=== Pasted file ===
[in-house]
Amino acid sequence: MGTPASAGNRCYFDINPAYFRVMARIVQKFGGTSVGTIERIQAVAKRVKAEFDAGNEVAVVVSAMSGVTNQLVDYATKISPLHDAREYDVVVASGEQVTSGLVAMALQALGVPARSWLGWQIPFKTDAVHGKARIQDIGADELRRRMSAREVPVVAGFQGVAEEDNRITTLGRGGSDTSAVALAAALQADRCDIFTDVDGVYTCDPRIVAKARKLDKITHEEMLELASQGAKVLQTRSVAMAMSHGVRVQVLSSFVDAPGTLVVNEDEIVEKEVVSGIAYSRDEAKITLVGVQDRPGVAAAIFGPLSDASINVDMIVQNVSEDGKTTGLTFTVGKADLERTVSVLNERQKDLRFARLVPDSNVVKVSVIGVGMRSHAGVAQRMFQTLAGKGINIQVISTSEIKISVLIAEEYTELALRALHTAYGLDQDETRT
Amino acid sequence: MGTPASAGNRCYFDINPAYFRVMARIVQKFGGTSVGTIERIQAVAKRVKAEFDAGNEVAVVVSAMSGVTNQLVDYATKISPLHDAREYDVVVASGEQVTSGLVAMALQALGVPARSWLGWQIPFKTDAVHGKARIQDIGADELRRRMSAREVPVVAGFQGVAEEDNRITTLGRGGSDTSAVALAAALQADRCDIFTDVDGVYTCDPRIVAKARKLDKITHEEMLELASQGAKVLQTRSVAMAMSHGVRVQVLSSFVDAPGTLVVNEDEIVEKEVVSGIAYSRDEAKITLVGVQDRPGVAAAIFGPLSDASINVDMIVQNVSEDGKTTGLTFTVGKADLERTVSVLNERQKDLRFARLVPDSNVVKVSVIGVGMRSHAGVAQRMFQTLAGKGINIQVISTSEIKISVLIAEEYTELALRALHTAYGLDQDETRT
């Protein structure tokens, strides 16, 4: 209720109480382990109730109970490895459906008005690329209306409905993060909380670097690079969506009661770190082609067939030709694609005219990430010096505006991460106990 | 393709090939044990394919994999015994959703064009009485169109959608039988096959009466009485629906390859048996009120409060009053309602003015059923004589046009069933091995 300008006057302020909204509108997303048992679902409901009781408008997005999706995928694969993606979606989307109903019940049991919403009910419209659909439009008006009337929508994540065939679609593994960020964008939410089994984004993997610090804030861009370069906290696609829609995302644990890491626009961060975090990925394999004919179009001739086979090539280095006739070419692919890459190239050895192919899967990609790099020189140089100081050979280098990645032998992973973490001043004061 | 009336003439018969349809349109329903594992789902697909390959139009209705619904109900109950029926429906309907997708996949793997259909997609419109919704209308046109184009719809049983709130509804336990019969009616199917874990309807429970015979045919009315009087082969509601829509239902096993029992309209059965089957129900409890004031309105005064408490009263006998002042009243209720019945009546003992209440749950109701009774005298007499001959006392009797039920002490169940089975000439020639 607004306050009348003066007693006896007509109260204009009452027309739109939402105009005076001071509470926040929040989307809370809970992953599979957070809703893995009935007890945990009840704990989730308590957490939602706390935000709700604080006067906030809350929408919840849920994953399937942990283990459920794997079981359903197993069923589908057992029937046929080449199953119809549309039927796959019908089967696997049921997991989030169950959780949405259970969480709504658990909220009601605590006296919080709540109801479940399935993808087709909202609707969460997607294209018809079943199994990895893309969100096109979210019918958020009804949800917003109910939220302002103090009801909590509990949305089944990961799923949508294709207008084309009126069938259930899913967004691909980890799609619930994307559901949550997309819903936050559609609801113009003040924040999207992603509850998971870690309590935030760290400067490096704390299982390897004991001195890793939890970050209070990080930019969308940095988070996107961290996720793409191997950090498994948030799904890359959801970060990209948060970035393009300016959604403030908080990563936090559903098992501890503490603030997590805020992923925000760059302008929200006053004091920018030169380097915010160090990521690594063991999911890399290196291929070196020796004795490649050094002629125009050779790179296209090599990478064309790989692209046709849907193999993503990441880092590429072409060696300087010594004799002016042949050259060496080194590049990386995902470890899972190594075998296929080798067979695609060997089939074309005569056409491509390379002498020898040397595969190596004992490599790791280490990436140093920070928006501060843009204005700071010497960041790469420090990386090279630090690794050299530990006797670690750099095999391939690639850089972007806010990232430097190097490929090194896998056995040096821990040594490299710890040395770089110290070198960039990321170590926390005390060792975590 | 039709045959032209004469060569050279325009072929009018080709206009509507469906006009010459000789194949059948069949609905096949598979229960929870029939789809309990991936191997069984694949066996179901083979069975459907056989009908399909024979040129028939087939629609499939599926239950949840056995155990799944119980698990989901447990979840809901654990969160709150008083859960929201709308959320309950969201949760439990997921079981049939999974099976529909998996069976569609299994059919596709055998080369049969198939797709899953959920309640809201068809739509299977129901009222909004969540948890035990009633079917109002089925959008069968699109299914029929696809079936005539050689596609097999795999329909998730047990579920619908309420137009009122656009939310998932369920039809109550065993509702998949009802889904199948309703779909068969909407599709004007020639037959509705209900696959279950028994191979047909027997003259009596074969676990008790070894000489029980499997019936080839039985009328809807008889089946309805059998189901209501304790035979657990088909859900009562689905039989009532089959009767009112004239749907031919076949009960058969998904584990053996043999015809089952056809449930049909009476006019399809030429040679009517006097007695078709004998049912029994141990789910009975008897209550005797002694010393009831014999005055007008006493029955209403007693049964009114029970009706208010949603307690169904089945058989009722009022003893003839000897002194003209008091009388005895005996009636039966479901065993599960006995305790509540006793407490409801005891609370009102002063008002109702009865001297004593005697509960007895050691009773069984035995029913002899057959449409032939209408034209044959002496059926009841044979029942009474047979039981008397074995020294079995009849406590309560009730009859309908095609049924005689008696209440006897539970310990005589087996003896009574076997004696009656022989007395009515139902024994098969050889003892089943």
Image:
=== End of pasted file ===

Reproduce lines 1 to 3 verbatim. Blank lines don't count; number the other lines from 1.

[in-house]
Amino acid sequence: MGTPASAGNRCYFDINPAYFRVMARIVQKFGGTSVGTIERIQAVAKRVKAEFDAGNEVAVVVSAMSGVTNQLVDYATKISPLHDAREYDVVVASGEQVTSGLVAMALQALGVPARSWLGWQIPFKTDAVHGKARIQDIGADELRRRMSAREVPVVAGFQGVAEEDNRITTLGRGGSDTSAVALAAALQADRCDIFTDVDGVYTCDPRIVAKARKLDKITHEEMLELASQGAKVLQTRSVAMAMSHGVRVQVLSSFVDAPGTLVVNEDEIVEKEVVSGIAYSRDEAKITLVGVQDRPGVAAAIFGPLSDASINVDMIVQNVSEDGKTTGLTFTVGKADLERTVSVLNERQKDLRFARLVPDSNVVKVSVIGVGMRSHAGVAQRMFQTLAGKGINIQVISTSEIKISVLIAEEYTELALRALHTAYGLDQDETRT
Amino acid sequence: MGTPASAGNRCYFDINPAYFRVMARIVQKFGGTSVGTIERIQAVAKRVKAEFDAGNEVAVVVSAMSGVTNQLVDYATKISPLHDAREYDVVVASGEQVTSGLVAMALQALGVPARSWLGWQIPFKTDAVHGKARIQDIGADELRRRMSAREVPVVAGFQGVAEEDNRITTLGRGGSDTSAVALAAALQADRCDIFTDVDGVYTCDPRIVAKARKLDKITHEEMLELASQGAKVLQTRSVAMAMSHGVRVQVLSSFVDAPGTLVVNEDEIVEKEVVSGIAYSRDEAKITLVGVQDRPGVAAAIFGPLSDASINVDMIVQNVSEDGKTTGLTFTVGKADLERTVSVLNERQKDLRFARLVPDSNVVKVSVIGVGMRSHAGVAQRMFQTLAGKGINIQVISTSEIKISVLIAEEYTELALRALHTAYGLDQDETRT